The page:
How does urban gardening work and what is it?
to learn what our topic is about watch the following video:
Text from the video:
We made research and want to educate the people and raise awareness for this subject. Actually many people are already doing urban gardening without realizing it.
Urban gardening is when you use little space at your home to grow flowers, plants and little trees, which you can do on the balcony, in a room, or outside in a garden. This refreshes the city life with green spaces.
We made an international Survey and also Collaborated with India to find out more about urban gardening in other countries.
Our working hypothesis is that we think people don’t have time to do it, which we got confirmed in an interview we made with an apprentice of a gardening shop in Wädenswil, Switzerland.
So we found out a few ways how we can motivate others to do urban gardening at home and learned much more during our project.
We hope you enjoy reading our results and we are curious about your stories and experiences and can’t wait to read your comments.
Interview with an apprentice from an urban gardening shop
We wanted to find out more about why people don’t have time to do urban gardening and how easy it would actually be. For this purpose, we interviewed the apprentice from the “Raschle Gartencenter” in Wädenswil, Canton Zurich, and received many interesting answers.
Do you think that urban gardening will be realized in Switzerland and especially in the cities?
In our shop, we always have urban gardening products, which are presented once a year in an exhibition in spring. Especialle for people who don’t have a garden or balcony, planting in your own home can be a good thing. During the lockdown, many people even came to our shop from Zurich to Wädenswil ZH and I think that many of them already do urban gardening without realizing it.
Which age group does most urban gardening?
This is very different. Students are certainly a large group and they come very often. Of course, many older people and parents also come. You could say that urban gardeninng has no age limit. It is used from young to old.
How can we motivate people to do urban gardening?
You could say that plants are like pets. They need a lot of time and also love. In addition, plants bring a lot of color into life and it beautifies the living room as well as the balcony or garden. You could motivate people with these beautiful aspects.
What are the reasons why people don’t do urban gardening?
People don’t have the time and they are rarely at home. I would say that time is the biggest reason for this. Another reason could be that you have an allergy to the plant or for example the child or pet that eats the plant and it could be poisonous.
What influence do you think Covid-19 has on urban gardening?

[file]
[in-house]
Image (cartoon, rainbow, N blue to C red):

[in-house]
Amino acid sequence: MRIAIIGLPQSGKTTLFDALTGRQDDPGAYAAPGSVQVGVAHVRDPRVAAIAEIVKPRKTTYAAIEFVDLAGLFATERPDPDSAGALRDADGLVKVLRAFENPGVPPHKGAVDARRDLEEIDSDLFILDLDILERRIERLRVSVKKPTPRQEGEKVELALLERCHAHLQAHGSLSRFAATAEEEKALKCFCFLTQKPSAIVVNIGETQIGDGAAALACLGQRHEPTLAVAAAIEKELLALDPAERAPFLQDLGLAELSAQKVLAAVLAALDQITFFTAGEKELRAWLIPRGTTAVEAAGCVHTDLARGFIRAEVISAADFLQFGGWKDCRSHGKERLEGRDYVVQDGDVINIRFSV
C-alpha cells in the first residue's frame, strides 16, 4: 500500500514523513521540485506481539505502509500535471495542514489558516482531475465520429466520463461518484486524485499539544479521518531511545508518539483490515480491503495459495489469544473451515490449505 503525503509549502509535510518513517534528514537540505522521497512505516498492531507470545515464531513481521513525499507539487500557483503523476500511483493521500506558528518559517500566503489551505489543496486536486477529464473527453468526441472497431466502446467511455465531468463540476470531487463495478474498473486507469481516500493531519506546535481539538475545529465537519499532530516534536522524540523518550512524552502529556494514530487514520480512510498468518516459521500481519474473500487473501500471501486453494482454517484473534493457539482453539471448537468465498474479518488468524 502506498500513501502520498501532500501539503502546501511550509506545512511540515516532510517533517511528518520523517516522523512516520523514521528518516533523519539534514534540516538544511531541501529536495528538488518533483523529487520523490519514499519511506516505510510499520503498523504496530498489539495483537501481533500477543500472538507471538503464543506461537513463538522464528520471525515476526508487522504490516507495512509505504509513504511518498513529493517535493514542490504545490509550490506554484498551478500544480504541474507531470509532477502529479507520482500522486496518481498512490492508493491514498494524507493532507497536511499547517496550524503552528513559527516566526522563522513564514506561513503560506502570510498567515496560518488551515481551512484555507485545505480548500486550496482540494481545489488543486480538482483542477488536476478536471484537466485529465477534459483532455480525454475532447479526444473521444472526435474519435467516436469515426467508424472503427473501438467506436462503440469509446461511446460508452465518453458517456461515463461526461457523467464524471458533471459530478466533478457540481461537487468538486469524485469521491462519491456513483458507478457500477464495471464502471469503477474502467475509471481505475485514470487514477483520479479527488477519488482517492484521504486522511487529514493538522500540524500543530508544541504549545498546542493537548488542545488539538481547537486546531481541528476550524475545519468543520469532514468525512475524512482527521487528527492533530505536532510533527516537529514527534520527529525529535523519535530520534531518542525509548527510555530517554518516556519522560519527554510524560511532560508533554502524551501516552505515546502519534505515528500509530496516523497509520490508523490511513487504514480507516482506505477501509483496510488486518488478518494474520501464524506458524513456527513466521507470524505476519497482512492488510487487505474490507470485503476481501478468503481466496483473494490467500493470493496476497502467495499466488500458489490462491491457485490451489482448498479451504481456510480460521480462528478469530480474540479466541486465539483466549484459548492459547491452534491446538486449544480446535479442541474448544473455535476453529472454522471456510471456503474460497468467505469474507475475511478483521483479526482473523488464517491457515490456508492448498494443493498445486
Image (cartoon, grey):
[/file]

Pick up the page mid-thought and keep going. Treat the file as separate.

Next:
In the lockdown, we were flooded by customers. The shop was full and people queued outside and we received many orders. The people were at home and had time to do urban gardening. Even now urban gardening is still very much in trend.
What are other advantages of urban gardening apart from the aspect that you know it is healthy?
You know where the product comes from and you have planted it yourself. You had to take responsibility and you also lived cheaper, because you had to buy seeds once. This is especially true for perennial plants. You know that the product contains no chemicals.
What do customers appreciate about your shop?
Customers appreciate the good advice and the wide range of products. We take a lot of time for our customers and support and advise them from the beginning to the end. We explain the products to the customers and also sell and inform them about additional products. We show the the advantages of urband gardening.
In the next part of our project, we launched an international survey. A total of 106 people, 50 were women and 56 were men have participated. The following age groups have emerged:
|56||16 – 20|
|12||21 – 30|
|13||31 – 40|
|8||41 – 50|
|7||51 – 60|
They were from three different continents and many various countries. More precisely, they were from the following countries: Switzerland, Germany, India, the Netherlands, France, Sri Lanka, England, the United States, and Swaziland.
We asked many different questions and received the following answers:
Do you know what urban gardening is?
The majority knew what urban gardening was before our survey, some did not know and very few were not sure.
What do you understand by urban gardening personally?
Most people understand urban gardening to mean exactly the right thing, namely the use of small areas for growing plants and large green spaces. For many, it means gardening and caring for plants. It is also understood as bringing nature to life in the city. Many are firmly convinced that it is a good, healthy, and personal project.
Some think it is a new strategy for gardening or something completely new and futuristic.